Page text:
Friday, April 16, 2010

West Michigan Pike Dedication Ceremony Set for April 30 in New Buffalo

For nearly 100 years, the West Michigan Pike has served auto tourists along the Lake Michigan shoreline from the state line in Berrien County, nearly 450 miles north to Mackinaw City. To commemorate this historic route, an official state historical marker will be dedicated at 11:00 a.m., Lions Park in New Buffalo.

“The West Michigan Pike historical marker is one of five erected as part of our project to learn the history and identify historic sites along this historic roadway,” stated State Historic Preservation Officer Brian Conway, who will be at the dedication ceremony.

“In 1911 a group of civic leaders took it upon themselves to create a regional initiative that would turn Southwest Michigan’s economy around after lumbering left the area. They adopted the idea of creating a resort industry and built the area’s first highway, the West Michigan Pike, to bring auto tourists from Chicago and other Midwestern cities to Michigan’s beach towns. Their efforts used the best of what the region has to offer—its beautiful scenery, delicious fruit, and rural lifestyle—to bring together a wide range of people from different ethnic and social backgrounds creating a rich diversity of experience. It is still a good model to follow as we look forward to reinventing the region’s economy for the twenty-first century. “

The New Buffalo marker gives an overview of the West Michigan Pike’s history and will read:

At the turn of the twentieth century, deep ruts and sand made West Michgian roads nearly impassable. In 1911, the West Michigan Lakeshore Highway Association was founded to promote the construction of the first improved highway along Lake Michigan in order to bring auto tourists from Chicago to Michigan to support the new resort industry that grew up when logging ended in the region. Completed in 1922, the West Michigan Pike extended from the Indiana state line to Mackinaw City. It was designated one of the first state trunk lines (M-11) in 1917, as part of the Dixie Highway in 1923, and incorporated into the nations’ first federal highway system as US-31 in 1926. Straightened and realigned over the years, it is also known as the Red Arrow and the Blue Star Memorial Highways.
In 2006, the Michigan Historical Center began collaborating with Michigan BeachtownsTM in an effort to boost tourism along Michigan’s western shoreline. What resulted was the West Michigan Roadmap Project – funded in part by a federal Preserve America grant – established to identify tourism-related sites along the West Michigan shoreline from New Buffalo to Ludington.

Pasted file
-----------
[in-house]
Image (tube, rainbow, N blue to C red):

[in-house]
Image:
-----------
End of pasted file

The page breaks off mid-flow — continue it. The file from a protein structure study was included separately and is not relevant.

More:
The historic West Michigan Pike serves as the focal point for the project and is the foundation for an official “Michigan Heritage Route” that is being developed by the MBA and the Michigan Department of Transportation. If approved, the West Michigan Pike will become the longest of the state’s 15 historic routes. The project is endorsed by the Berrien County Board of Commissioners and more than 50 local governments and counties between the two cities.

Funded by the Michigan Historical Marker Fund and Michigan BeachtownsTM, the marker in New Buffalo is the latest to be erected in Southwest Michigan as part of the West Michigan Roadmap project. Two other markers will be erected this summer, one for Scenic Drive and Muskegon State Park and the other for Jewish Summer Resorts in South Haven. Two were erected last year, at Winsor McKay in Spring Lake and the other at John Gurney Park in Hart.

Michigan BeachtownsTM is a partnership of nine visitor bureaus from Harbor Country to Ludington. The group works together on various promotional and marketing initiatives including those offered through Travel Michigan’s Pure Michigan branding campaign. The Harbor Country Convention & Visitors Bureau was established in 1990 as the Harbor Country Lodging Association in accordance with the state of Michigan’s Community Convention or Tourism Marketing Act 59 of 1984.

The mission of the organization is “to promote its members and the assessment district as a major destination for tourism and conventions in southwest Michigan.” The assessment district encompasses the Townships of New Buffalo, Three Oaks, and Chikaming, the city of New Buffalo, the Village of Three Oaks and the Village of Michiana, Michigan.



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